Seven-time world champion Michael Schumacher will retire from Formula One at the end of the season.
Schumacher is the most successful F1 driver in history
The German made the announcement after winning the Italian Grand Prix to reduce title rival Fernando Alonso's lead to just two points.
The Ferrari star's victory was the 90th in a career in which Schumacher has broken almost every F1 record.
He will be remembered as one of the greatest, and most controversial, drivers in the history of the sport.
"I have decided that I am going to retire from racing. It has been an exceptional time," the 37-year-old said.
"What motorsport has given to me in more than 30 years, I have loved every moment of it, good and bad.
I cannot see I have the energy and motivation for further years
"Words are not enough and whatever I say now will never fully express how much I love this fascinating world of motor sport and all it has given me. I am profoundly grateful for everything I have had.
"It has been a tough decision to not work at this level. The day has come and I felt this is the moment.
"It has naturally been difficult, but all the effort, energy and motivation you need in order to be competitive, I cannot see I have that for further years."
Schumacher, who will be replaced at Ferrari by Finn Kimi Raikkonen, has dominated the sport since the death of Ayrton Senna in 1994.
That was the year in which Schumacher won his first world title, with Benetton-Ford, and he added a further championship with the team in 1995, this time with a Renault engine, before moving to Ferrari.
We have lived through some unforgettable times together, some good, some bad, achieving results that will be hard to equal
Luca di Montezemolo
His ambition was to return to the top a team whose results did not live up to its image and history.
He ended Ferrari's 21-year drought with his third title in 2000, and went on to win another four in a row.
Schumacher added: "As well as timing the decision, I thought it was fair so Felipe [Massa, his Ferrari team-mate] has a chance to decide his future.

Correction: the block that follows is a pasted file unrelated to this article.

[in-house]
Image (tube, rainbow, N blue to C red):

"He has done a great job, he is good team-mate and he had to decide.
"I was pleased that my future replacement was [Raikkonen] and now would like to concentrate on these last three races and finish it in style.
SCHUMACHER'S F1 CAREER
1991 Makes debut for Jordan in Belgium; switched to Benetton for next race
1992 Wins first race in Belgium
1994 First world title, driving a Benetton-Ford
1995: Wins second title in Benetton-Renault
1996: Moves to Ferrari, wins three races
1997: Stripped of second in championship for driving into title rival Jacques Villeneuve
1999: Breaks leg at Silverstone
2000: Wins first of five consecutive titles with Ferrari
2003: Wins sixth title to break Juan Manuel Fangio's record of five
"We have done a big step to the championship today and I look forward to that now."
The records Schumacher has set will probably never be broken, and he also established a new standard for F1 drivers with his extreme fitness and commitment.
But his legacy will also be that of a driver who stretched the rules to their limit and sometimes beyond in his quest for success.
Controversy followed him throughout his career, and he was involved in a series of incidents that left many observers questioning his sense of fair play.
Ferrari president Luca di Montezemolo said: "Now that decision has been taken, I feel a sense of sadness.
"We have lived through some unforgettable times together, some good, some bad, achieving results that will be hard to equal.
"To Michael goes the thanks of everyone in the company and the supporters of Ferrari for all the dedication he has shown to our colours, for the determination and the courage with which he has worked which has provided immense satisfaction.
"His relationship with Maranello will continue, albeit in a different form and I am very happy about that."